Wow! As a student and fan of psychology, I love coming across cultural artifacts related to the very fascinating history of mental health care, and this one is a doozy! This is 30 minutes of FREUDIAN FUN from the Michigan Department of Mental Health -- one of the many government-sponsored social PSA films that were released post-WWII in order to shape a healthier (or some might argue, more conformist) population. "Angry Boy" deals with a 10-year-old student named Tommy caught stealing money out of his teacher's purse, and his family's subsequent entry into the local "child guidance" clinic for treatment from a very weird psychologist and his zombie-like assistants. OF COURSE, the boy's mother and the mother's mother ARE THE PROBLEM, as per ol' Sigmund -- misguided, miserable, migraine-suffering nags, all. Dad is a total wimp, OF COURSE, who doesn't even account for much of the dysfunctional dynamic.

My favorite scene is when, during "play therapy," the psychologist gives Angry Tommy Boy A TOY GUN so they can both enjoy a little target practice while discussing ANGER PRODUCING THINGS. Nice link-up there, DOC!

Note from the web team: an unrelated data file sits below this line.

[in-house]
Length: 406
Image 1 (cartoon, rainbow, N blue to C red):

So, sit right down, grab a cool beverage of your choice, or a crossbow, whatever, and please to enjoy!

"Angry Boy" (1951)


I have never fully understood how the Christian holiday of Easter morphed from the reverent and somber recalling of "The Crucifixion & Resurrection of Jesus," into a springtime mass intake of chocolate and jellybeans delivered by a rabbit, the coloring and painting of chicken eggs, and gathering for yet another gluttonous and wholly delicious meal, traditionally featuring a glazed ham. I'm all for it, though, because it is absurd and I am a Certified Absurdity Appreciator! Today, I thought I would share with you some very weird vintage Easter cards I dug up on the interhaps. I wish someone would have sent me one of these, but I am not umpti-billion years old.

Chick Soul Train Line! And what's the song? What else? -- the Funky Chicken!